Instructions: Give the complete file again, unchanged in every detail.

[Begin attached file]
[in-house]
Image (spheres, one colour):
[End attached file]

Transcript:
[in-house]
Image (spheres, one colour):